Bill Gross (left) and Liz Ann Sonders at Schwab Impact last year.

PIMCO CIO Bill Gross promoted the upcoming launch of an exchange traded fund version of his PIMCO Total Return Fund at the ETF Virtual Summit, a four-hour online event held on Tuesday that was attended by nearly 1,000 advisors.

“This has potential,” said Gross when asked by Virtual Summit mastermind and ETF Trends publisher Tom Lydon about the launch. “We’ve been looking forward to the development of an array of ETFs at PIMCO.”

Gross pointed to the long-term success of the Total Return Fund, while acknowledging the tough year the fund saw in 2011, when it experienced significant net outflows after he bet against the bond market.

PIMCO Expects ETF to Be as Big as Total Return Fund

“The Total Return Fund is the largest in the world, and I hope and we expect at PIMCO that the Total Return ETF will be the biggest as well,” Gross said. “We don’t always do it perfectly, as 2011 suggests, but over time we do it well, and we hope we can do the same in the ETF space as we have in the total return space over 25 years.”

Gross added that 2012 will bring slow growth as debt deleveraging persists all over the developed world, in both the United States and Europe.

“The biggest challenge is delevering, but it presents the opportunity of borrowing at a lower rate of interest,” Gross said, noting that investors must be sure that the assets they’re buying this year are creditworthy and present low risk exposure.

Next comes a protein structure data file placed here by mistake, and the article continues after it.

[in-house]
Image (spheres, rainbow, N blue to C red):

“We would avoid the deleveraging opportunities in Euroland,” Gross said, adding that better fixed-income opportunities can be found in the U.S., Canada, Mexico and Brazil.

ETF Virtual Summit Offers Full Day of Events

In the ETF Virtual Summit’s Exhibit Hall, PIMCO’s virtual booth included a video about the company, links to its website, advisor resources, information about PIMCO’s ETFs team, a beach towel giveaway, a survey, a booth and scheduled chats.

Indeed, the entire day featured a sometimes overwhelming wealth of information. For anyone familiar with a live conference set-up, the virtual summit’s plaza, exhibit hall, auditorium, resource center and networking lounge all felt familiar.

At one point in the lounge’s communication center, for example, 41 participants talked about the day’s agenda and upcoming panel discussions, while at the same time, in State Street’s SPDR virtual trade show booth, 17 participants chatted about the afternoon’s alternative-investment speakers and requested product guides before the panel discussion began.

In one chat, the Options Industry Council’s Eric Cott jokingly offered free Starbucks coffee at the OIC booth. In another, UBS Wealth Management’s David R. Kelly asked whether anyone had seen an update to an iShares summary of various ETF portfolio offerings.

A Defense of the Growing ETF Universe

Lydon suggested in the morning’s kickoff video panel that the virtual summit is timely because of misunderstandings about the ETF universe.

“A lot of people are throwing stones at ETFs as they get bigger and bigger and bigger,” Lydon said.

The panel then considered the issue of active management within the ETF space, with Matt Hougan, president of ETF analytics at IndexUniverse, saying, “investors have proved themselves very fickle in the ETF space.”

Active management in ETFs would be more accurately stated as the movement of portfolio assets around in the space, and not staying in a single, actively managed ETF, Hougan asserted.

“An ETF is simply a packaging strategy that gives everyone access,” he said.

Morningstar Director of ETF Research Scott Burns answered that he is more positive and constructive on active management, saying that “the efficiency of the ETF wrapper” will lead more companies like PIMCO to move into ETFs.

“ETFs give anyone access to what’s available on the New York Stock Exchange,” Burns said. “Active ETFs have to become the answer.”